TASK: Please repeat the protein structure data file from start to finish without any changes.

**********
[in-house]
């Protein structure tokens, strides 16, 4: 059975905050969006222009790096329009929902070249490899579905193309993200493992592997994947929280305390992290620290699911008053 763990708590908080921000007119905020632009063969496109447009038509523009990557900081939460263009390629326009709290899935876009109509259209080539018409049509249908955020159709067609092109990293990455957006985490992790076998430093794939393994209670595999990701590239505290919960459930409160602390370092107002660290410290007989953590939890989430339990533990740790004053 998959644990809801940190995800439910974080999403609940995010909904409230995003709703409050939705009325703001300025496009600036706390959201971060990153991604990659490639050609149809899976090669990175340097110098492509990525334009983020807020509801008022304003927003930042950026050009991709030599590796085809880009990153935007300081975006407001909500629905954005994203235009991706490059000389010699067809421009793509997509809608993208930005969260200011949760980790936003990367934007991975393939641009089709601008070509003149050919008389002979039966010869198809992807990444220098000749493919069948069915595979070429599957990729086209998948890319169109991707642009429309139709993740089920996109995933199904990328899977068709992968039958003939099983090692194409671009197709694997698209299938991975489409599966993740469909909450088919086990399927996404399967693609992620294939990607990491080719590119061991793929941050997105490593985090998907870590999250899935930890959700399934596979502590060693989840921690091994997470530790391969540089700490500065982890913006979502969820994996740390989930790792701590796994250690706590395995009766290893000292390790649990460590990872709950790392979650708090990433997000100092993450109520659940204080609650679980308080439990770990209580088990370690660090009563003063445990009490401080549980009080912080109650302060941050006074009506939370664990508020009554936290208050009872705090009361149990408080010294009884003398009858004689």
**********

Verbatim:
[in-house]
């Protein structure tokens, strides 16, 4: 059975905050969006222009790096329009929902070249490899579905193309993200493992592997994947929280305390992290620290699911008053 763990708590908080921000007119905020632009063969496109447009038509523009990557900081939460263009390629326009709290899935876009109509259209080539018409049509249908955020159709067609092109990293990455957006985490992790076998430093794939393994209670595999990701590239505290919960459930409160602390370092107002660290410290007989953590939890989430339990533990740790004053 998959644990809801940190995800439910974080999403609940995010909904409230995003709703409050939705009325703001300025496009600036706390959201971060990153991604990659490639050609149809899976090669990175340097110098492509990525334009983020807020509801008022304003927003930042950026050009991709030599590796085809880009990153935007300081975006407001909500629905954005994203235009991706490059000389010699067809421009793509997509809608993208930005969260200011949760980790936003990367934007991975393939641009089709601008070509003149050919008389002979039966010869198809992807990444220098000749493919069948069915595979070429599957990729086209998948890319169109991707642009429309139709993740089920996109995933199904990328899977068709992968039958003939099983090692194409671009197709694997698209299938991975489409599966993740469909909450088919086990399927996404399967693609992620294939990607990491080719590119061991793929941050997105490593985090998907870590999250899935930890959700399934596979502590060693989840921690091994997470530790391969540089700490500065982890913006979502969820994996740390989930790792701590796994250690706590395995009766290893000292390790649990460590990872709950790392979650708090990433997000100092993450109520659940204080609650679980308080439990770990209580088990370690660090009563003063445990009490401080549980009080912080109650302060941050006074009506939370664990508020009554936290208050009872705090009361149990408080010294009884003398009858004689």